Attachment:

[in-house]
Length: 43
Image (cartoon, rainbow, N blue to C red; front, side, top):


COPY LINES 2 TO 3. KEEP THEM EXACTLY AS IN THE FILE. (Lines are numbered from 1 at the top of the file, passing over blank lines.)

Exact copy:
Length: 43
Image (cartoon, rainbow, N blue to C red; front, side, top):